Complementary interventions

A sinking lid system must be introduced in conjunction with a range of aggressive and far-reaching supplementary interventions that would help reduce demand, and thus ensure that the possible adverse effects described above are minimised, and a socially just programme is implemented. Many, but not all, of these interventions are suggested by the Framework Convention on Tobacco Control.

Best practice smoking cessation support

Comprehensive and effective smoking cessation support could be provided,35–38 funded from tobacco excise revenue and/or from quota auction revenue. The expansion and training of the cessation workforce will be essential. The cessation support could include a much wider range of nicotine replacement and other treatments, and targeted community-based cessation support for poorer smokers and the communities most affected by the price increases. Novel initiatives such as alternative nicotine delivery systems may be desirable.8 At present, it appears that if there was demand for long-term nicotine supply by some ex-smokers, then that would be far preferable to continued smoking.

Better information

Better resourced and sustained mass media campaigns with greater reach, funded from tobacco excise revenue, could include those to help smokers quit, and those with effective information to the public and smokers on: (i) tobacco industry practices,39–41 (ii) the social impacts of tobacco, and (iii) the justification for the endgame interventions.37

Strengthened regulation around marketing and retailing

Stronger regulations could cover banning all marketing (advertising, sponsorship and point-of-sale tobacco displays); requiring in-store storage appropriate for a highly addictive poisonous substance (to reduce theft); and introducing a greatly restricted retail system (eg, restrictions on location, store density or type of store where tobacco can be sold).42

Further controlling the pack and product

The additional options for controlling these aspects include increasing the size of pictorial health warnings (eg, to 95% of all pack surfaces); requiring standardised packaging and ‘plain brands’ (as planned for Australia)43–45; and removal of all sweeteners and other additives.46 47 The requirement of less addictive or palatable products could be a major factor in reducing demand.48–51 Furthermore, new smoked tobacco products or brand variants could be banned.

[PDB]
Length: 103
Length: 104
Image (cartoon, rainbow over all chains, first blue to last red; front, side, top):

Other measures to restrict supplies that bypass the price effects

Other measures could include: banning duty-free sales,52 and all other personal tobacco imports; and ending loose tobacco sales (roll-your-own and pipe tobacco).53 54

Redefining the legal smoker population

Raising the minimum legal age of buying tobacco annually to 25 or more could be considered.55 56 It seems unethical to allow new young adult smokers to legally start purchasing tobacco, when a quit date has already been set for the country. At the end-stage, when smoking prevalence is below say 1%, a licensed-smoker system may be necessary.57

Contraband counter-measures

While many of the solutions for most countries lie in international efforts, and will vary with geographical and political contexts, better supply chain controls for national markets,58 59 including requirements for track and trace capabilities,60 are core necessities.

Countermeasures against industry activity

Because of industry attacks on such endgame policies that could occur, necessary actions would include the rigorous implementation of the Framework Convention on Tobacco Control Section 5.3 on tobacco industry influence,61 government and other divestment from the tobacco industry,62 increasing the required disclosures by the industry,63 inoculation against industry funding,64 and the active use of legislation to remove opportunities for litigation by them. As recommended in the major WHO report on industry activity, the following are needed in all situations, not just endgame scenarios; (i) vigorous and ongoing investigation by governments into tobacco company influence on the tobacco control work and policies of those governments; (ii) the constant and in-depth monitoring of tobacco industry activities; and (iii) energetic measures to remedy tobacco companies' past misconduct.34